This page is given over to traditional Scottish recipes, local produce ingredients and whatever we have knocking about on Rona (for eating I mean).
I was thinking about the plates of Cullen Skink that I have had in restaurants and cafes around Scotland (and once in England). The various permutations from the really original to the quite plainly bizarre, given that it was an inexpensive dish in my youth it can be very expensive to-day. Although the best plate made by a cafe was in Stonehaven and one of cheapest!!! Of course all are judged by the soup we had at home, the way Mother made it. That set me thinking (always dangerous) . Are there any restaurants in Scotland focusing on down to earth Scottish cooking. Then I was thinking we should concentrate more on that here and on what would have been what was eaten here.
I see that Lady Claire MacDonald, Tom Kitchen and Shirley Spear lean heavily on tradition and at a very high level for sure, I guess there are many more. But our diet was wholesome, nothing fancy I would say but always full of flavour.
Of course we have much more to choose from to-day and there was for sure other ingredients bought in in the old days, there would have had to be given the climate, growing season and the desire for a more varied diet.
But where to start? Ask Julia of course! So after yet another call she sent me the following recipes. The first one, ‘Stuffed Cod’s Head’, Sounds interesting to say the least but I was assured to-day that it was delicious, a delicacy and very welcome change in the diet by Hugh our digger driver, who’s Mother cooked it for the family regularly. It is called in Gaelic:
“ Ceann Grope “.
Or Stuffed Cods Head
1 Cods head or any big fish head
Thoroughly clean the mouth and remove gills clean inside the cavity.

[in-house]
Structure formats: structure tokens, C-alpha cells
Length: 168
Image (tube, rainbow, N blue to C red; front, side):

Now you are ready to make the stuffing or it would be better to prepare that before you started.
1 teacup pinhead oatmeal
1 small onion chopped
The Cods liver if available,mother used about 4 Saith (Pollock) livers
If no liver is available, not likely in Rona! Use 4 ozs of shredded suet
Season to taste, if you used livers probably no fluid will be needed,otherwise use a little
water to bind together. Fish stock would be best and as you would have cooked the fish you would have that.
Now you are ready to continue.
Mix the stuffing well with a spoon or if you are not too squeamish, with your hands.
Form into the shape you require to fit inside the head,but before you put it in put a good dusting of plain flour on each end of the shaped stuffing, that should stop it coming adrift when you put it into a pot of boiling salted water make sure the stuffing is very firmly packed into the cavity cook for usually 30mins gentle boiling.
As told by Julia and subsequently sent by email, excellent. Must try it one day. I will report. The other thing in Scotland that is very traditional are scones, baking in general. I especially remember getting a variety of scones at a place in North Uist, from the late Marjory MacDonald, Dusary. Every Monday when I used to deliver food stuff to Uist in a previous life. I would look forward to tasting her scones. I again asked Julia and she had her treacle scone recipe, Maize meal scones was a popular one too. I guess you would add the Maize Meal in quantity rather than the treacle?
8ozs plain flour
Half teaspoon bicarb’
1 teaspoon cream of tartar
Half teaspoon mixed spice
2ozs butter or margarine
1 tablespoon black treacle
Milk to make a soft dough., but not sticky
Mother used buttermilk or sour milk, you could use milk soured by adding couple of drops of lemon.
I think even fresh milk would do.
Now handle lightly do not use rolling pin.
Pat out into two circles about half inch thick, cut into scone size sections
Put on floured tray, in oven cook for 12 mins’ keep an eye on them as ovens vary, cool on wire tray.
Cook on gas mark 7 or its electric equivalent.
Mother made them on a griddle.
Both recipes as told by Julia MacKenzie.
I was asking Julia about soups they used to have, broth was always on the go, in various shapes and forms. I was lamenting the fact that I was longing to taste this lentil ham and carrot type soup that I got when I was living at home, Julia had no idea when I tried to describe it. Then one day not more than a few days later I saw a reference somewhere to a SWRI Cookbook, which looked familiar and I thought, my Mother had one of these. So I ordered it up off of Amazon, it arrived I opened it at soups and there is was, the recipe (since tried, exactly the same as I had had it before).
Of course a quick look through the book and it became very apparent that many of these recipes/dishes we had had at home. We look forward to trying some this year ahead.
As for lentil soup (1), I have to say it was the easiest soup I ever made, no wonder it was popular with my busy Mother when I was young!!!